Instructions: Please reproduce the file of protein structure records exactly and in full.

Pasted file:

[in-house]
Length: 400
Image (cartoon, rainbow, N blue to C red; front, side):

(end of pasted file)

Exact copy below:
[in-house]
Length: 400
Image (cartoon, rainbow, N blue to C red; front, side):